Modest D-Day duo handed medals by French top brass

WWII veterans Stanley Bousfield and Charles Green from Poulton have been commended as heroes by the French Legion of Honour
WWII veterans Stanley Bousfield and Charles Green from Poulton have been commended as heroes by the French Legion of Honour
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Two Fylde veterans have been hailed as heroes by the French government for their bravery in the Second World War.

Charles Green, 94, and Stanley Bousfield, 90, were awarded the rank of Chevalier in the French Legion of Honour in October for their roles in defending France from the Nazis in the Battle of Normandy in 1944.

The prestigious award was issued by French president François Hollande and commemorates bravery and selflessness for the benefit of the country.

But Mr Green and Mr Bousfield modestly said that they do not think of themselves as heroes.

Mr Green, who lives at Belgrave Place in Poulton, volunteered for the Royal Air Force in 1941 when he was 20 years old. He served as a rear gunner in the 429 Leeming Squadron, and flew more than 50 missions in a deadly Lancaster Bomber, where a new recruit’s life expectancy was just two weeks.

Mr Green said: “I was a bit hesitant about accepting the award. The war is not something I like to talk about. I haven’t talked about it in about 10 years.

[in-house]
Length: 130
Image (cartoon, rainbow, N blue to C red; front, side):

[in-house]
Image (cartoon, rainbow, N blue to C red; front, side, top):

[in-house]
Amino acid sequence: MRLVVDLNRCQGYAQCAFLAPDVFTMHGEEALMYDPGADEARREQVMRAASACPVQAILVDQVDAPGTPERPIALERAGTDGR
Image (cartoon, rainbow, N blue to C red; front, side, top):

“I would never call myself a hero. The real heroes are the ones who lost their lives.

“I couldn’t tell you how many men we lost. Too many to count. Every plane that went down had seven young lads in it. One of my friends died when his plane exploded coming into land.

“Everybody did their bit to protect their country, including civilians. There was a great collective spirit. It was just something we all had to do.

“When the war was over I was happy. I was looking forward to coming home and getting everything back to normal - but nothing really changed. Everybody just kept on killing.”

Mr Bousfield, who lives at North Drive in Anchorsholme with his wife Margaret, signed up for the Royal Navy in 1943 when he was just 18.

He said: “I tried to sign up when I was 17 but they told me I had to wait.”

He served as a seaman in ‘Operation Neptune’ - the D-Day landings, in which more than 425,000 troops were killed, wounded or went missing.

The great-granddad-of-two said: “It was our job to carry radio equipment across the beach and set it up in a building that was occupied by the Nazis so we could send coded messages back to England. I was young and strong - and handsome - so it wasn’t too difficult for me!”

Mr Green and Mr Bousfield will lay a wreath at Poulton war memorial on Remembrance Sunday in memory of the friends they lost during the war.